Interview: Sumedha Ratnayake
To what extent is Sri Lanka’s economic productivity being impeded by road traffic congestion, and what is being done to alleviate the problem?
SUMEDHA RATNAYAKE: Modernising a very old road system is challenging due to the limited space in and around all major cities. Opening a new span of road systems is costly and difficult to complete. This inhibits business, particularly in sectors like real estate, because clients want to invest in well-connected areas.
The ministry has launched a short-term traffic management solution to address this issue, and has introduced priority lanes to highly congested townships such as Battaramulla, Rajagiriya and along the Galle road, offering a quick solution to congestion.
The results reported are very encouraging and authorities have been invited to offer suggestions on how to further sustain it until a long-term solution is implemented. Following studies by the Japan International Coordination Agency, the ministry awarded tenders for preparing a feasibility study for two light rail transport (LRT) lines, which will connect Fort with Maradana via Kollupitiya, Bambalapitiya, Borella and Union Place, covering 15 km along the perimeter of the Colombo business district. This should significantly reduce traffic congestion over the next three years.
The electrification of Colombo and suburban railway lines will also enhance the existing public transport system, and the Asian Development Bank has confirmed funding for this initiative. According to the Department of Railways, the project will begin in mid-2019, which is positive news for developers as it will provide a major relief to traffic congestion.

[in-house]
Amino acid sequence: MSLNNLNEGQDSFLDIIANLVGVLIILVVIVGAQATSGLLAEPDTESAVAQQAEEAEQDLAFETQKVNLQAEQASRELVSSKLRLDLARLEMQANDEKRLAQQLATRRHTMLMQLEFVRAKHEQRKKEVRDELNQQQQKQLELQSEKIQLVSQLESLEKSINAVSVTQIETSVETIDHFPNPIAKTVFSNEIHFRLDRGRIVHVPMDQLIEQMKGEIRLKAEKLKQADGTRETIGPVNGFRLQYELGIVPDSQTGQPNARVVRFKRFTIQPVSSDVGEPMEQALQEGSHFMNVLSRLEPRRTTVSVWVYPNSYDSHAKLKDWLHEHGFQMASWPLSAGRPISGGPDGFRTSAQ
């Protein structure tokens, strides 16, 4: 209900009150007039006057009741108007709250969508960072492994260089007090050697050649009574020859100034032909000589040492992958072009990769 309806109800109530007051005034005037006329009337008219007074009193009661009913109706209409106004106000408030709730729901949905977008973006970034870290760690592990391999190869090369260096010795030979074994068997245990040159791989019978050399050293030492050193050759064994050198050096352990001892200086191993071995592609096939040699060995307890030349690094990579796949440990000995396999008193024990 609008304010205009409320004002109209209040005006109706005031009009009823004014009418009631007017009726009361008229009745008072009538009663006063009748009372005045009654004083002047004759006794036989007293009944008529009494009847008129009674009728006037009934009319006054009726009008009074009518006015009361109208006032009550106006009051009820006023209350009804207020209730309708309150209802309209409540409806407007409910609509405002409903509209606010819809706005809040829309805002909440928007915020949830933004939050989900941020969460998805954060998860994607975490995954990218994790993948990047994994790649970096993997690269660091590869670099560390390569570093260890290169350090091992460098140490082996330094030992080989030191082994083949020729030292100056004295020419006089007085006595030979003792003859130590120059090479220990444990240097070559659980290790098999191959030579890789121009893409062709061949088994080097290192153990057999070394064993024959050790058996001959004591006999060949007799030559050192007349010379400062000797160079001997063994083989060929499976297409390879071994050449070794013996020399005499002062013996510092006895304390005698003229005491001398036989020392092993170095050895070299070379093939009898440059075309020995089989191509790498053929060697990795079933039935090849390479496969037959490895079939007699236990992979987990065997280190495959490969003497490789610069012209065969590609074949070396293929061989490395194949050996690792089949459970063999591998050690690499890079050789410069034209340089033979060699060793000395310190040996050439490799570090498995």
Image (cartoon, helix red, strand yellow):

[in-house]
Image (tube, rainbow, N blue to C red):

How can the private sector be further incentivised to participate in social housing projects?
RATNAYAKE: The Board of Investment currently offers incentives that allow private sector players to enjoy tax concession benefits. Incentives like bringing tax holidays to a maximum level could encourage greater private sector participation. Since the Urban Development Authority (UDA) also entered the housing market as a new player providing middle-income housing for government officers, the housing sector received a long-awaited boost. This set a precedent for private sector players to follow, ensuring they provide housing at decent prices based on affordability in the segment. I firmly believe malpractice in the housing sector can be prevented by introducing clear polices. Regulation will prevent companies from engaging in property development in this segment for short-term benefit.
How can Colombo ensure that its future population is dispersed across the city and not concentrated in the central business district?
RATNAYAKE: Currently, efforts to relocate administrative bodies and brand the Battaramulla area as the administrative city are in full swing. Once these things are done, the fort area will become the commercial district of Colombo, where financial sector business will be facilitated. Vertical buildings in this area could be used for housing or corporate offices and have sufficient amenities for incoming international conglomerates.
The LRT will be the main mode of travel transporting employees between home and work. This network will allow the public to move at a convenient pace. It will also create a connection between the business district, the administrative city and the financial city without adding to congestion on the roads.
The UDA is revisiting its development plans for the greater Colombo area at the moment. In accordance with the UDA’s new plan, the borders of the greater Colombo area will be extended up to key areas of the outer circular highway, which connects the satellite cities on the periphery. This will assist with relieving congestion by spreading the traffic towards the peripheral areas around the tech city, the logistic corridor and the new industrial parks. The closed outer circular highway will be a main focus of the UDA’s development agenda.